Who Can Apply For Probate? England and Wales.
Who Can Apply For Probate please? My son who resided with my wife & I died on in November at just 32. He was divorced for about 12 years from his former wife with whom he had 1 child (now 13 years old.) He also had two children (aged 9 & 10) with another partner from whom he was estranged. I have been told that I cannot administer his small estate as his father and the children’s grandfather, is this correct and if so who can apply for probate? There is no will. (For those who will have a property to sell see this article too.)
Who can Apply for Probate: this is the strict order.
If there is no Last Will and testament appointing an executor or executors, or those executors refuse to act then:
- the surviving husband or wife. If none (he was divorced, so no wife.) Then
- The children of the Deceased (and their children if they have predeceased) – if under age they can act through a parent with Parental Responsibility.) (So in this case, the two mothers of his children could potentially act.) If none then
- the father and mother of the deceased. If none then
- brothers and sisters of the whole blood (and their children if they have predeceased.) If none then
- brothers and sisters of the half blood (and their children if they have predeceased.) If none then
- grandparents then
- uncles and aunts of the whole blood (and their children if they have predeceased.) If none then
- uncles and aunts of the half blood (and their children if they have predeceased.) If none then
- the Treasury Solicitor when claiming Bona Vacantia then
- any creditor of the Deceased.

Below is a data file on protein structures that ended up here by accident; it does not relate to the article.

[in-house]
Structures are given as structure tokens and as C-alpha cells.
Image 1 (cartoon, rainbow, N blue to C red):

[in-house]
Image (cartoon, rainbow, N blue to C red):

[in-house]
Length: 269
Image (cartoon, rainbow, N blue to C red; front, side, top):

A grant cannot be issued to a person under 18, but parents who have parental responsibility for the relevant children can apply for a grant of probate, preferably together.
In this particular case, the children are likely to inherit, and it would seem likely that both mothers have equal rights to act (or ask us to help!) but there is nothing to stop you offering to help. In effect, it looks as if his estate will be shared one third each to his children, in Trust for them until they reach the age of 18. If his assets had been significant, then our professional associates’ help might save a lot of problems between the parties as professionals have no axe to grind.
Obviously, we can help if you or the mothers would wish that – our fees are relatively modest!
I have attached our leaflet called “Is Probate Required.”
Footnote: it is absolutely CRUCIAL that people make Wills, and keep them up to date. If there is a word stronger than crucial (imperative?) then it is even MORE important for unmarried couples or unmarried parents to make Wills.
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